to some of the most complete calculations available, when we use
natural gas to generate electricity in an average power plant, it
than if we generate the same electricity with coal. If we fully
utilized the natural gas-fired power plants that already exist in this
country, we could
What’s more, primarily because of access to new natural gas reserves,
proved reserves of natural gas recently shot up to
– more than we’ve had on hand at any time since
It’s for these reasons, among others, that many experts and
policymakers have proposed switching
as a “bridge fuel”
to immediately reduce greenhouse gas emissions while we undertake the
much larger and long-term project of ramping up the percentage of our
energy generated from renewables, which is currently about 7 percent.
that renewable energy is hydroelectric and biomass, to
Still, there’s another side to the story: recent research on the
lifecycle of natural gas, from the moment we remove it from the ground
to the moment it’s burned, has challenged assumptions about its
climate-friendliness. At base, economic and policy assumptions about
whether we can use natural gas to reduce emissions in the short-term
depend on what we know about the effects of its extraction and use on
A controversial paper
Methane, the primary constituent of natural gas, is up to 100
a greenhouse gas than carbon dioxide over a 20
year time horizon (though other studies have found it is 72 times more
powerful). As many climate scientists have pointed
out, it’s precisely these
that we want to avoid if we wish to avoid
pushing the climate toward disaster.
Howarth: The Cornell professor's
paper shook the natural gas establishment.
This discussion was heightened last month when Robert Howarth, a
professor of ecology and environmental biology at Cornell University,
published a controversial paper arguing that natural gas from fracking
has a greater net warming effect on the climate than burning coal.
Howarth and his co-authors argue that one of the main problems
methane is that, as a gas, it tends to leak into the atmosphere both
when it’s drilled and when it’s transported. Hydraulic fracturing, or
fracking, is the process by which wells are drilled into shale rock,
then water and a mix of chemicals are injected at high pressure, to
crack or “frack” the deposit, allowing natural gas to escape.
“If you look at the inventory of emissions of human-controlled
methane from the U.S., 25-50 percent of it is from [the use of] natural
gas,” says Howarth.
Capturing “fugitive” gas
Industry has a monetary incentive to eliminate these losses, at
least during the drilling and initial distribution stages, but thus far
it has been slow to do so. Granted, there are barriers to eliminating
leaks. For example, when a new well is being drilled, gas storage
infrastructure must also be built in advance in order to capture the
gas that leaks during the drilling phase. The EPA has studied Reduced
Emission Completions technologies, and concluded that on the average
well, these technologies mean a higher up-front investment, but they pay
3-5 months by capturing gas that would
otherwise be lost. Still, at present they are rarely built.
Howarth came to the conclusion that when we use frack-produced
natural gas to generate electricity, the net effect on the climate is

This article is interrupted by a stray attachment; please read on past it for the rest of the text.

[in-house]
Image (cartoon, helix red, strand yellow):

worse than coal when looked at from the perspective of the next 20
years. (When looked at over the course of the next 100 years, natural
gas comes out ahead of coal, because methane is removed from the
atmosphere more quickly than carbon dioxide.) This distinction is
crucial: as conventional natural gas wells in the U.S. decline as a
proportion of our gas production, more and more
will come from fracked wells.
Howarth’s conclusions have come under fire from both scientists
Science is an iterative process, and Howarth himself admits that
data he used to determine the natural gas lost during the drilling
process were sparse. Unfortunately, they’re the only data available.
The conclusion of scientists like Bill Chameides, Dean of Duke’s
Nicholas School of the Environment, is that we simply
to determine the climatic effect of natural gas from fracking. That
won’t change until academics and industry obtain better measurements of
losses of methane during drilling.
Natural gas key to more renewables
What’s more, because natural gas power plants can be fired up so
quickly, they play a unique role in the world’s electricity production
system — they are activated when supply, as from renewables, is
outstripped by demand.
“I would say that without natural gas, the grid will not be able
manage the variability and intermittency in power output from wind and
solar plants,” says Paulina Jaramillo, a professor of engineering at
As executive director or the RenewElec project, which aims to
increase the proportion of intermittent sources of renewable energy in
the world grid, Jaramillo specializes in thinking about the transition
off fossil fuels. She doesn’t believe we’ll be able to get more solar
and wind on the grid without natural gas, precisely because the only
alternative — storage mechanisms like batteries and demand-side
management — aren’t far enough along.
Howarth believes that in the future, the major drivers of these
human emissions of methane will prove to be use of natural gas,
especially if we come to rely on it for an ever larger portion of our
The good news is that it seems the effects of methane gas can be
limited through action by industry. But the economics of drilling,
mediated by the actions of regulators, will determine just how “clean”
natural gas ultimately proves to be.
Christopher Mims is a contributor to Good, Technology
and The Huffington Post, and is a former editor at Scientific American
and Grist.org. He tweets @mims.
This article first appeared in the Txchnologist
and is reprinted with permission.